One of the central concerns of social psychology is understanding the ways in which people explain, or “attribute,” events and behavior. “Attribution theory” is an umbrella term for various models that attempt to understand this process. An explanatory attribution is an attempt to understand the world and seek reasons for a particular event. An interpersonal attribution is an attempt to explain the reasons for an event based on an interaction between two or more individuals.
People are susceptible to bias and error when making attributions about themselves and others. A few common such biases include the fundamental attribution error, the self-serving bias, the actor-observer bias, and the just-world hypothesis.
Fundamental attribution error occurs when people tend to overemphasize internal factors as explanations for the behavior of other people (in comparison to how we explain our own behavior). That is to say, we tend to assume that the behavior of another person is due to a trait of that person, underestimating the role of context. The fundamental attribution error is so powerful that people often overlook even obvious situational influences on behavior. This can contribute to prejudice and stereotyping and lead to conflict.
This is related to actor-observer bias, where an actor tends to explain his or her behavior by situational factors while an observer tends to explain the actor’s behavior based on stable internal states.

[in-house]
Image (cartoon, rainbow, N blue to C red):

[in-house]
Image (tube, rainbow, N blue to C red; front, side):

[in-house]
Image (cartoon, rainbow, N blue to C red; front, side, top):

Self-serving bias is the tendency of individuals to make internal attributions when their actions have a positive outcome but external attributions when their actions have a negative outcome.
Cultural Factors affect how people make attributions. Individualist cultures value personal goals and independence. Collectivist cultures see individuals as members of a group and tend to value conformity, mutual support, and interdependence. People from individualist cultures are more inclined to make the fundamental attribution error and demonstrate self-serving bias than people from collectivist cultures. This is thought to be because individualists tend to attribute behavior to internal factors (the individual), while collectivists tend to attribute behavior to external factors (the group and world). One example of cultural factors impact on attribution is the Just-World Hypothesis. This theory is one consequence of westerners’ tendency to provide internal explanations for others’ behavior is victim-blaming. When bad things happen to people, others tend to assume that those people somehow are responsible for their own fate. A common view in the United States is the just-world hypothesis, which is the belief that people get the outcomes they deserve. In order to maintain the belief that the world is a fair place, people tend to think that good people experience positive outcomes and bad people experience negative outcomes.
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